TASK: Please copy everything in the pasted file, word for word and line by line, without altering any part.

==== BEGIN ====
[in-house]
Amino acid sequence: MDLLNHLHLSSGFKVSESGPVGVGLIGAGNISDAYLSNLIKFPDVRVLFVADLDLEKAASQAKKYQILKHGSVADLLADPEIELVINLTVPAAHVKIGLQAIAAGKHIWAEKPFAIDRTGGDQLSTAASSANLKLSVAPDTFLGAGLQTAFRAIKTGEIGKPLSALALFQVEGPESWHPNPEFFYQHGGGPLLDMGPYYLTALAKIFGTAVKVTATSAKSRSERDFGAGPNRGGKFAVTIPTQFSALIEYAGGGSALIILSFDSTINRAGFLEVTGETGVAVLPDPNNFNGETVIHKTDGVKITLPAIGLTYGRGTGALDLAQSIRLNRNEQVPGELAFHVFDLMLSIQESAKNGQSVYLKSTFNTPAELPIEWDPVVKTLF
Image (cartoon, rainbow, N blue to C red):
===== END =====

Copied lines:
[in-house]
Amino acid sequence: MDLLNHLHLSSGFKVSESGPVGVGLIGAGNISDAYLSNLIKFPDVRVLFVADLDLEKAASQAKKYQILKHGSVADLLADPEIELVINLTVPAAHVKIGLQAIAAGKHIWAEKPFAIDRTGGDQLSTAASSANLKLSVAPDTFLGAGLQTAFRAIKTGEIGKPLSALALFQVEGPESWHPNPEFFYQHGGGPLLDMGPYYLTALAKIFGTAVKVTATSAKSRSERDFGAGPNRGGKFAVTIPTQFSALIEYAGGGSALIILSFDSTINRAGFLEVTGETGVAVLPDPNNFNGETVIHKTDGVKITLPAIGLTYGRGTGALDLAQSIRLNRNEQVPGELAFHVFDLMLSIQESAKNGQSVYLKSTFNTPAELPIEWDPVVKTLF
Image (cartoon, rainbow, N blue to C red):